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Figure 3. (a) Schematic of the sensor yarn; and (b) view of the actual sensor yarn, where numbers correspond to those in (a).

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Figure 3. (a) Schematic of the sensor yarn; and (b) view of the actual sensor yarn, where numbers correspond to those in (a).
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Figure 4. Coating resistivity in function of the dry mass content of CPP105D in PVA.

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Figure 4. Coating resistivity in function of the dry mass content of CPP105D in PVA.
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Figure 5. Load/strain curves of the dog bone shaped films of the pure coating at differents dry weight ratios of CPP105D to PVA.

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Figure 5. Load/strain curves of the dog bone shaped films of the pure coating at differents dry weight ratios of CPP105D to PVA.
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Figure 6. Delta R/R0vs. Strain of three pure coating films with several ratios of dry CPP105D to PVA.

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Figure 6. Delta R/R0vs. Strain of three pure coating films with several ratios of dry CPP105D to PVA.
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Figure 7. Strain and DeltaR/R0vs. time between the cycles 0 and 15 of a sensor coated with a 20.1 wt% dry CPP105D formulation. (a) is representative from the first series of sensors while (b) shows the improvement the second series.

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Figure 7. Strain and DeltaR/R0vs. time between the cycles 0 and 15 of a sensor coated with a 20.1 wt% dry CPP105D formulation. (a) is representative from the first series of sensors while (b) shows the improvement the second series.
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Figure 8. DeltaR/R0vs. time of a 24 wt% dry CPP105D and six layers coated sensors on a 900 cycles test: (a) the first 350 cycles, (b) zoom from 250 to 300 s.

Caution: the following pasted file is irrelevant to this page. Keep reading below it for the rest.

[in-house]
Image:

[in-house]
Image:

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Figure 8. DeltaR/R0vs. time of a 24 wt% dry CPP105D and six layers coated sensors on a 900 cycles test: (a) the first 350 cycles, (b) zoom from 250 to 300 s.
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Table 1. Clevios™ coating guide formulation CPP 105D.

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Table 1. Clevios™ coating guide formulation CPP 105D.
Component% By Weight
Clevios™ P (PEDOT:PSS)42.92
N-Methyl-2-pyrrolidone2.58
Silquest® A 187™ (epoxy functional silanes)0.86
Isopropanol53.34
Dynol™ 604 (Ethoxylated Acetylenic Diols)0.30
Total100.00
Table 2. (a) and (b) Dry mass weight ratios of Clevios™ CPP105D to PVA from masterbatches A and B, respectively.

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Table 2. (a) and (b) Dry mass weight ratios of Clevios™ CPP105D to PVA from masterbatches A and B, respectively.
(a)(b)


Masterbatch A
(9 wt% PVA) wt% liquid CPP105D
Dry Weight Ratios
(wt% dry CPP105D)
Masterbatch B
(27 wt% PVA) wt% liquid CPP105D
Dry Weight Ratios
(wt% dry CPP105D)
305.4301.8
408.2402.9
5011.8504.3
6016.7606.3
7023.7709.4
8034.88015.1
8543.08520.1
9054.69028.6
9571.79545.8
Table 3. Comparison of the second series of sensors.

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Table 3. Comparison of the second series of sensors.
Dry Wt% CPP105D to PVA Ratio20.123.7
3 Layers1.3 < R0 < 2.6 × 106 Ω8 < R0 < 10 × 106 Ω
1.5 < k < 2k ∼ 1

6 Layers1.5 < R0 < 3 × 105 Ω3 < R0 < 3.5 × 105 Ω
1 < k < 1.51 < k < 1.5